San Francisco’s roughly two dozen licensed collectives must pay the city’s 8.5 percent sales tax rate, coming from California’s 7.25 percent sales tax with a local one percent sales tax going to S.F.’s general fund, and a .25 percent sales tax that goes to other areas like transportation, reports David Downs at the East Bay Express.
Counting the most recent reporting period — which ended with the third quarter of 2011 — a year’s worth of general fund revenue from sales tax on medical marijuana totals “just over 410,000,” said Curt Fuchs, senior economist in the controller’s office, East Bay Express reports.
Since that figure is one percent of sales, that means S.F. dispensaries sold about $41 million worth of marijuana in a year, “which equals a $50 (or about an eighth of an ounce) dispensary purchase for every person in the city,” Downs reports.

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The Fresh Scent

​San Francisco’s on-again, off-again program to license medical marijuana dispensaries in the city has once again resumed operations. The medical cannabis dispensary program resumed licensing and inspecting collectives, Department of Public Health officials announced on Monday.

The ove came after the agency said last week that the application process was “suspended indefinitely,” and that announcement had come after the city had announced it would continue licensing the shops. And that announcement had come after the initial suspension of licensing in December following a court ruling.

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Robin Wilkey/The Huffington Post

​In the latest iteration of their on-again, off-again approach to the issue, San Francisco city officials decided on Wednesday afternoon to indefinitely suspend the city’s medical marijuana dispensary licensing program, according to the Department of Public Health.

Permits had been on hold since last fall, after a state appeals court case halted similar permitting programs across California, reports Chris Roberts at SF Weekly. That case was appealed to the state Supreme Court, and during the appeal, permits could resume being processed, a spokesman for the City Attorney told SF Weekly last week.

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Luke Thomas/Fog City Journal
Founder/president Kevin Reed of The Green Cross: “The Green Cross will act no differently today or tomorrow, than we did a month ago”

​The founder and president of The Green Cross, a medical marijuana delivery service in San Francisco, responded on Monday to the recently announced federal crackdown on cannabis dispensaries, saying the collective “will act no differently today or tomorrow, than we did a month ago.”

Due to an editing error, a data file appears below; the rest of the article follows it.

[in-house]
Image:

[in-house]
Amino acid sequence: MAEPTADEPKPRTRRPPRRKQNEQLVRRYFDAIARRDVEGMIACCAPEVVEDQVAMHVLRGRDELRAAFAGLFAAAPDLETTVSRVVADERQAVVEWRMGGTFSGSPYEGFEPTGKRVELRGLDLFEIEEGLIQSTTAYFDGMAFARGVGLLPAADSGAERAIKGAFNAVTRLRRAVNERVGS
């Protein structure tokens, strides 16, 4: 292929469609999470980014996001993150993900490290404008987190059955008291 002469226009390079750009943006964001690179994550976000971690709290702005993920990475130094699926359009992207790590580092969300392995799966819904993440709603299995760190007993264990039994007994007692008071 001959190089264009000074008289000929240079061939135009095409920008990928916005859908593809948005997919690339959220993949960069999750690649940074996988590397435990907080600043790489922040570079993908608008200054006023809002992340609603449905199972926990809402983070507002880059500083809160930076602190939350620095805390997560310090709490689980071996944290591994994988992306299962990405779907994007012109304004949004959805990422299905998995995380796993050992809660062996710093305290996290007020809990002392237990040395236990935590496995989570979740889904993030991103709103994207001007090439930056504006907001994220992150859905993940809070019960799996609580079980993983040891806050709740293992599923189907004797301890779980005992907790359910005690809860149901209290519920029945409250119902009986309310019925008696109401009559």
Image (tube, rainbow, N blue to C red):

“Following the release of the Cole Memo earlier this summer, the United States Department of Justice announced their intention to ‘crack down’ on medical cannabis dispensaries across the state of California,” Reed told members of The Green Cross collective in a Monday email. “At a press conference last Friday in Sacramento, US Attorneys reminded us that federal law prohibits the use and distribution of cannabis for any purpose regardless of state law, and, outlined heightened enforcement techniques tailored for each of California’s US Attorney districts.

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Mother Jones

By Jack Rikess
Toke of the Town
Northern California Correspondent

​The man under the faded Giants cap wiped his forehead again for about the thousandth time. It was hot and it was late. Harvey should have been here 30 minutes ago. 
The duffle bag in the back of his ancient Charger ticked like a tell-tale bud wanting to get out. The man wanted to go. He had pressing business at 2:30 that he couldn’t be late for. Then there was this other guy to hook-up with. 
His long mane fell out of the cap as he ran his hand through that swamp of molted hair looking for dust on the horizon. It was a little before 2 and the temperature was deep into the red. 
Between the LB’s in the trunk, the Charger’s engine actually ticking under the midday sun, and the clock in his head counting off like a nasty verbal egg timer telling him he needs to get moving if he wants to make his hook-up and his 2:30, he was getting nervous — for a man who doesn’t get nervous. The man would have started pacing if it wouldn’t have looked too suspicious.